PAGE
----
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The Romney campaign, however, would only comment on the support their candidate is getting, rather than potential support in the future.

“We appreciate everyone who is working to help get Mitt Romney elected in November so that we can turn our economy around and get our nation back on the right track,” said a Romney campaign official.

Still, former rivals and critics of Mr. Romney are consistently reminded of their past criticisms that President Obama’s campaign are now making — his refusal to release more years of his tax returns and his tenure at Bain Capital, for example. Their answer? Take a look at the other guy.

“It’s very easy to support Mitt Romney when [the] opponent is Barack Obama,” Mr. Gingrich said Monday.

Other former Republican presidential rivals, meanwhile, remain somewhat on the fringe. Former Utah Gov. Jon Huntsman Jr. has endorsed Mr. Romney, but has said he will not attend the Republican National Convention. After suggesting in March the idea of a third-party candidate merited attention, he was summarily uninvited from a Florida Republican event.

Rep. Ron Paul of Texas, who has ramped down his campaign but technically remains in the race, will have hundreds of delegates at the Republican National Convention in Tampa, Fla.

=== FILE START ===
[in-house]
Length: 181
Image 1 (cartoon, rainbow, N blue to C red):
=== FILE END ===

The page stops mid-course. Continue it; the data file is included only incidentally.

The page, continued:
Mr. McDonnell, who chairs the Republican Platform Committee, said that one of the two Virginia members of the committee is a Paul supporter. Mr. Paul has planned a rally before the convention starts.

Jesse Penton, a senior official with the Paul campaign, said supporters want to have their views included, and that the campaign has had productive talks with “multiple parties” involved in the platform committee.

But while support from surrogates like vice-presidential contenders Mr. Portman and Mr. Pawlenty is not terribly suprising, more unlikely backers have emerged as well. Former Alabama Rep. Arthur Davis, who seconded President Obama’s nomination at the Democratic National Convention in 2008, is now a Republican, and recently spoke at an event organized in part by the Romney campaign at a home in Bristow, Va.

Virginia Attorney General Kenneth T. Cuccinelli II, who is eyeing a bid for Virginia governor in 2013, previously said that if Republicans chose Mr. Romney as their candidate, they would “basically be conceding” the issue of health care to Democrats because Mr. Romney helped enact a plan similar to the one championed by Mr. Obama when he was governor of Massachusetts.

But Mr. Cuccinelli introduced Mr. McDonnell and Mr. Romney at a recent campaign event in Sterling, Va., and, akin to Mr. Gingrich, has said voters have two choices on health care: Mr. Obama, who supports the law, and Mr. Romney, who has vowed to repeal it.